Only the right pour can amplify the subtle and elegant qualities of properly brewed Czech lager. And to understand why and how, I’ve come to the place where lager is more ‘properly brewed’ than anywhere else: the Budvar brewery in České Budějovice.
ark Dredge has also visited and sampled the beer tapped straight from the tanks in the brewery cellars. He knows how the pour can make or break the unique characteristics and qualities created in Budvar’s obsessive brewing process.
“This is a beer that takes a long time to make. And at the end of that, the pour is the most important part. That’s where we, the drinker, get to pick that beer up and experience it properly. It’s had all that time in those tanks, but finally it’s our chance to get to drink it. When it hits the glass, boom, we get that amazing foam, we get that brilliant body of beer and all that brilliant flavour, all that wonderful aroma and texture. It’s why I love the ritual that comes with getting a glass of beer in the Czech Republic. As you drink, you really get it. The pour makes it taste so good.”
He’s right of course, and there’s that word again: ritual. At Budweiser Budvar, the ritual of the pour has evolved over its 125-year history to perfectly showcase its unique aromas and flavours. And to demonstrate, who better than someone who trained and learned the art of the pour right here?
THE PERFECT BUDVAR POUR
Radim Zvanovec is a South Bohemian native who has taken his knowledge and passion for the pour to Prague and a number of prestigious bars across the world. But we meet back in Budvarka, the Budvar brewery restaurant, for a closer look at exactly what the Budvar pour involves.
“It’s called a ritual for a reason”, he explains. “It’s not magic, but it’s somewhere between an art and a science. It’s like cooking a great meal. Preparation and the cooking are both important to the right result.”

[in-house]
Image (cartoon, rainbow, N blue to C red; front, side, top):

Preparation is key, but it’s complicated. To be a beertender it seems you almost need a degree in engineering. Radim points out the taps, valves and pipes that have to be meticulous cleaned and assembled each day. There is the cellaring of the beer to keep an eye on, as well as maintaining proper temperatures and flow. Once the stage is set and the beer is flowing correctly, it’s on to the glassware.
Radim is washing a set of the striking new Budvar glasses, cleaning them using a set of upright brushes. There are no dishwashers here; it’s old-fashioned hard work as the glasses need to be spotless. Once finished, he inspects them carefully then plunges them into a deep metal basin filled with cold water.
“Put your hand in.” He says, motioning towards the water. The water is ice cold, chilled to around 5° centigrade. Pulling a glass out, he rinses it on the countertop; fountains of fresh water spraying up into the glass. “The glass has to be perfectly clean, chilled and then rinsed before pouring,” he explains. “This ensures that the foam will form and hold in the glass, and the foam is what we want. The thickness of chilled glass also means that the beer will stay at the right, cold temperature for longer.”
Finally, he’s ready. “So, every part of our pour has a reason, let me show you how we do it.” Radim slaps the top of the traditional side-pull Czech tap rising up from the bar. “First you need one of these.”
He explains that this kind of beer fount is quite different to the lager lever-tap you see in most other countries around the world. If a lever tap is like an on-off light switch, then the side pull is more like a dimmer, producing a gradual gradient of different textures of beer – from pure foam to pure beer all controlled by the beertender’s expertise.